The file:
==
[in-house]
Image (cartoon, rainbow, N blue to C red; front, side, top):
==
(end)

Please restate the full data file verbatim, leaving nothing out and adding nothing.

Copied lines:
[in-house]
Image (cartoon, rainbow, N blue to C red; front, side, top):